Part of me is a wee bit wary in pointing people in the direction of Richard Dyer's 1979 article, 'In Defence of Disco'.
Not because I have any particular issue with Dyer's impassioned defence of disco, as outlined in his thesis, as:" a discussion of the arguments against disco in terms of its being ‘capitalist’ music and, second, an attempt to think through the- ambivalently, ambiguously, contradictorily- positive qualities of disco . . " but because the language and the jargon employed in the piece is so dripping in its time frame of radical academese that I wonder who the hell he was writing it for. (His right hand, perhaps?)
He was right enough to call out those on the left who were quick to dismiss disco for its supposed lack of "authenticity", but he's missing the main point on why disco was relevant, necessary and central to working class experience in the late seventies: it sounded fucking amazing. What's with the need to drape his article with sentences such as "The anarchy of capitalism throws up commodities that an oppressed group can take up and use to cobble together its own culture . . ." as a means to placate some cloth-eared member of the Militant Tendency* back in '79? It doesn't matter if it's 1979 or 2008: until a member of the SP/CWI can point me in the direction of a readable article by Peter Taaffe, I'm not prepared to hide away my Rose Royce mp3s.
I love my political music as much as the next member of Generation iPod but what's with the constant need to find political relevance in the music you plug into? There's this insinuation that it lacks weight if it's not explicitly saying something of major political import when we all know in our heart of hearts that Simple Minds went shite when Jim Kerr got his Amnesty International membership card through the door and that, more often than not, we'll fast forward through 'Ideology' to get to 'Levi Stubbs' Tears'.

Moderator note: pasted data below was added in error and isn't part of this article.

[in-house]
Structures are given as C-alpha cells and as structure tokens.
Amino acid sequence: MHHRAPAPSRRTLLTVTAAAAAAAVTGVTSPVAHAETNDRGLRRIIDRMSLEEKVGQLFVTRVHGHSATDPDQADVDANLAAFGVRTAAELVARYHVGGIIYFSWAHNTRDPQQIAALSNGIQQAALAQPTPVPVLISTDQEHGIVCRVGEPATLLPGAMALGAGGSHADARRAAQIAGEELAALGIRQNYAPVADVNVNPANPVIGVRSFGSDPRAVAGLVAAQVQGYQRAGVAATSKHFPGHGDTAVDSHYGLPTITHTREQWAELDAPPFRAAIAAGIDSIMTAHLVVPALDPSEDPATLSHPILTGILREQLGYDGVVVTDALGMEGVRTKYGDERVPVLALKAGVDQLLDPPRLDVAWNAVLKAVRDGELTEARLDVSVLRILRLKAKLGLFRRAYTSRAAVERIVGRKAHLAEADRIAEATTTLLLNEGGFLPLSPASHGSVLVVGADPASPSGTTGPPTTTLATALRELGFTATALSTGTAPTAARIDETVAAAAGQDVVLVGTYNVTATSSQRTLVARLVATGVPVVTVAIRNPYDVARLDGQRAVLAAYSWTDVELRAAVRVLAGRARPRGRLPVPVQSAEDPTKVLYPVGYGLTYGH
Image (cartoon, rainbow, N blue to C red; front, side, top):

OK, I know Dyer is one of the good guys and with his piece he was trying to get the archetypal left folk music merchant to pull his finger out of his ear as a prelude to pulling his head out of his arse, but what's with the final paragraph apologia of :
" . . . disco can't change the world or make the revolution. No art can do that, and it is pointless to expect it to. But partly by opening up experience, partly by changing definitions, art and disco can be used. To which one might risk adding the refrain, if it feels good, use it."
No need to be defensive about such things, comrade. If the missing piece in achieving the revolution was a decent mixed CD, then the SPGB would have secured its Parliamentary majority back in 2003. I think we've finally got past the point where it was once might have been claimed that the barricades don't go up until the soundtrack's in place. And that's a good thing. The left's split enough as it is without throwing in rows about the tracklisting into the mix.
But it does have to be mentioned in passing that the daft thing about the whole disco versus diabolical materialism argument that beset the bedsitter left in the late seventies is that Chic's Bernard Edwards and Nile Rodgers were shifting million of units whilst mixing the political commentary in with the reverberated vocals. Sadly, it went over the head of many:
"Here’s what’s great about “Good Times.” At the time that we wrote “Good Times,” the country was undergoing the worst economic depression that it’s seen like the since the Great Depression, which is what they used to say, and people were furious with us for writing a song “Good Times.” And we used to look at people, and we were befuddled, and we went, “What are you talking about?” And we realized that we had done our job so effectively that all of our lyrics were shrouded in double-entendre because there was no way that I was ever just gonna write a song about partying and dancing. I mean, I’m a Black Panther, what are you talking about? And so it was always about compromise." [Nile Rodgers quoted during Black History Month]
Much too subtle for your average Central Committee member, but I hold out hope that even the most seasoned cadre can catch on late in the day. In that munificent spirit, I'm happy to offer up a couple of mp3s for sampling purposes: The 12" version of Chic's classic - for those of you want your subversive disco tunes to last longer than the sycophantic applause at a George Galloway gig - and Beverley Knight's 'Made It Back (Good Times)', which dates from 1999 and is one of my favourite ever tracks for making use of a Chic sample:
Hat tip to Bob-from-Brockley for pointing me in the direction of Richard Dyer's article.
* I put my hands up to a uncalled for sectarian attack on the Millies. I knew that AVPS loves his dance music. It's just not very good dance music. ;-)